We at SALSA have long been proponents of “theragnostics” (or theranostics if you’re agnostic to silent g’s). Schnieder and coworkers, in a superb review (way back) in 2007 reviewed the literature on this topic. In this manuscript, they outline proposed natural histories of wound pH for “normal” and “chronic” wounds. The answer is that wound pH changes over time depending on where in the cycle of healing we are. Bottom line: acute = low pH, chronic = high (alkaline) pH, trending toward neutral and acidic when epithelialized. However: a few tidbits directly from this manuscript:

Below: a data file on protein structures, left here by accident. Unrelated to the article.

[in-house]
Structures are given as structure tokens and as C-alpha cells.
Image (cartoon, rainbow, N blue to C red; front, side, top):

• physiological milieu of the skin is acidic, which supports the natural barrier function and helps to counteract microbial colonization;
• chronic wounds and infected wounds with a high bacterial load characterized by a pH above 7.3;
• acute wounds, wounds with pus or necrotic tissue and chronic wounds that make progress in their healing process show an acidic pH;
• pH value in wounds is a dynamic factor that can change rapidly with therapeutic interventions;
* Split thickness skin grafts appear to “take” more readily in a high pH (alkaline) milieu.